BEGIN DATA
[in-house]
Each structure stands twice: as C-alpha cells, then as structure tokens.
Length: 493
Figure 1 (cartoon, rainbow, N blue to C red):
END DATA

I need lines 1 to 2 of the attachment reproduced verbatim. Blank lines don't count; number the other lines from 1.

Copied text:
[in-house]
Each structure stands twice: as C-alpha cells, then as structure tokens.